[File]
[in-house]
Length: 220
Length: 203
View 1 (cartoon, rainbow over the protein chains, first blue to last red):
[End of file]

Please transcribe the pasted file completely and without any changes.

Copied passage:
[in-house]
Length: 220
Length: 203
View 1 (cartoon, rainbow over the protein chains, first blue to last red):